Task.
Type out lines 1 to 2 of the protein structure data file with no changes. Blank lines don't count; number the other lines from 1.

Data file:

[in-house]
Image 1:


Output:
[in-house]
Image 1: